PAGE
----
4. why are we trying to determine the propensity for a child to commit a crime before it is committed? if a person has already committed the crime once I would think treatment is more important than the determining of the extent of repetition.

    5. my main qualm is this: it seems this test is being devised to determine if those that are to be released will repeat their actions, which could in turn prevent their release. that is not how the criminal system works. someone who is aroused by children will fail this test, but that does not mean that person cannot control his urges; however, i can see the government using this test to argue otherwise and conclude that it is in the best interest for society to keep this person locked up as a precaution. it is an undue intrusion to base possible guilt from psychological inclinations. just because there is a valid reason to believe harm might be done does not give us the right to deny someone of their rights. my concern is that this test can easily fall into the wrong hands to unjustly affect those who have participated.

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    Aug 01, 2010 12:10 AM GMT
    MeOhMy said, "It concerns me, further, that they are "conducting a review" of these tests, which in governmental terms means that they will bring the test back, with only superficial changes and alterations designed to alleviate public concern, but the substance of the test will likely remain. This thing should just END altogether."


    ...MeOhMy, please read:

    "Although B.C.'s minister of children and families permanently shut down a controversial testing method on youth sex offenders Thursday, the province's advocate for children's rights says she will intensify her review of the program.

    Mary-Ellen Turpel-Lafond, B.C.'s Representative for Children and Youth, said she will expand her review into an investigation in light of criminal allegations against one of the program's employees.

    The testing, conducted by the government's Youth Forensic Psychiatric Service for the past 25 years in Burnaby, involved attaching devices called "penile plethysmographs" to the penises of youth sex offenders.

    They would then be shown videos of semi-nude or nude children, accompanied by a narration of forced or coercive sexual situations.

    Depending on the subjects' arousal, the program, which required consent, aimed to predict if they would commit further sexual offences.

    An advocacy group, Justice for Girls, learned of the disturbing test from a study conducted by the psychiatric service in 2009, and informed the B.C. Civil Liberties Association a week ago.

    That group relayed the information to Turpel-Lafond and Mary Polak, Minister of Children and Families, on Monday. "

    http://ca.news.yahoo.com/s/30072010/73/bc-sex-charge-prompts-expanded-probe-youth-offender-penile-test.html

    ....and this is how it should be, and an example of how Canada works.
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    Aug 01, 2010 12:12 AM GMT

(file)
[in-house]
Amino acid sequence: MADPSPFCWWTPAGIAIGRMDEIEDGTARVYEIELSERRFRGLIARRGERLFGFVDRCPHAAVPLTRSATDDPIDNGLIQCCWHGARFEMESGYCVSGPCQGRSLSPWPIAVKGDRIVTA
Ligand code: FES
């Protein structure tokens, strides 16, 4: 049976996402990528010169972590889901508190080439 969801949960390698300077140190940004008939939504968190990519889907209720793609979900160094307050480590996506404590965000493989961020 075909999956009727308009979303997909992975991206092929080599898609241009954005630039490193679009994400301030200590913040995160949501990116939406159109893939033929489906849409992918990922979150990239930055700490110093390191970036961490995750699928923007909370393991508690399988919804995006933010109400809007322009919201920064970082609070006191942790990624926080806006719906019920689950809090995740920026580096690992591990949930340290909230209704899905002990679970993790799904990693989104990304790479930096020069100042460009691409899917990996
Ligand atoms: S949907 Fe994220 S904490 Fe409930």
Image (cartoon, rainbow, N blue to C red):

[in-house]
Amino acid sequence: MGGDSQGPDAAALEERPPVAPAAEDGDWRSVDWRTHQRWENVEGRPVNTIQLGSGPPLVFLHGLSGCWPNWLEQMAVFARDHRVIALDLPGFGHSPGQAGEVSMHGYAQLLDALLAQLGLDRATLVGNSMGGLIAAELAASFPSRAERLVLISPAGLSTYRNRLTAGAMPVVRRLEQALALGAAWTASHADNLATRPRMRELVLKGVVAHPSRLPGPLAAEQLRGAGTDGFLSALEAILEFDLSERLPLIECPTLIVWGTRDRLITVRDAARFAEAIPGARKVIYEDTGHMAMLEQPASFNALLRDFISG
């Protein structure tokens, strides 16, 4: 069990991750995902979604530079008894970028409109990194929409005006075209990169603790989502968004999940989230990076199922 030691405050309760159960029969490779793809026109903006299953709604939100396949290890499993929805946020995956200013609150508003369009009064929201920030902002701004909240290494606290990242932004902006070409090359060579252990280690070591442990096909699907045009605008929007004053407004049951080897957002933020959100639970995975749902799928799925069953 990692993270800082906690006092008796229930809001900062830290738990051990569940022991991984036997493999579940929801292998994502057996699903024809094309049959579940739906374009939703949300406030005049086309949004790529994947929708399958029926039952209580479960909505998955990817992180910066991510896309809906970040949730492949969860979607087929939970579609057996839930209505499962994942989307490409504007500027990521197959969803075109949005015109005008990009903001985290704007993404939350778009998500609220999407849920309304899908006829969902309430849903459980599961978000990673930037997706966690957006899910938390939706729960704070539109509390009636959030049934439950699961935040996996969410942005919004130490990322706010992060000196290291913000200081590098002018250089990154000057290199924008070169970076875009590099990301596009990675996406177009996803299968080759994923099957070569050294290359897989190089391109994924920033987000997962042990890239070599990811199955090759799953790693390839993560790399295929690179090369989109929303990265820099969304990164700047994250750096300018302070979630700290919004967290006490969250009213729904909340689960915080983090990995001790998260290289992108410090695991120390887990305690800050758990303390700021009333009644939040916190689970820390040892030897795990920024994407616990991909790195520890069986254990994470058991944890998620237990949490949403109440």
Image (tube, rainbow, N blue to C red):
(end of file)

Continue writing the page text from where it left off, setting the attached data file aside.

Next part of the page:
Okay, the issue of pedophiles and rapists. Is it sexual in nature? Rape itself is more an act of power and dominance than an expression of sexuality.

    If you want to combat pedophilia, and the like, take a common sense approach. Don't "screen" for it in the population, assuming you even can. Instead, turn the public attention to places where it is most likely to occur. For example, people talk about the Catholic Church, that's a good start. But people seem to think the buck stops there.

    Turn the focus on schools, social workers (in the US, Child Protective Services), and juvenile detention centers. If you are someone who wants to sexually abuse children, you are more likely to maneuver into a position which gives you an extreme or significant amount of authority over children. It's just an unfortunate side of human nature. (If you build it, they will come).

    CPS has been notorious in this, but the discussion and shedding on light of CPS and pedophilia or child abuse has been slim to none. Schools are largely... glanced over. And juvenile detention centers are not even talked about. Although, in Texas a couple of years ago, there was a scandal that broke out in which the Texas Youth Commission was found to be involved in horrendous abuses of children. It made the news locally, but nationally and internationally? Hell no.

    So instead of "screening" for these things, why not actually deal with them on an inter-personal, actual, socially self-reflective and conscious manner? You cannot "screen" for human imperfections and human weakness (it is in us all), but you can look at society objectively, and try to reshape social structures so that it reduces the institutionalization of human weakness and predatory abuses.

    Human weakness will always be with us (and most often it is represented in the abuse of or acquisition of 'power). The point is not to "breed" or "engineer" it out, for then we would be implementing eugenics and institutionalizing dehumanization. The point is to reduce the risk of abuse, reduce the ramifications of human weakness.

    But that requires a lot more work and reflection than say... giving vocal support to a "test". No, the former might actually require work. The latter only requires you to turn a blind eye to 'scientific' abuses.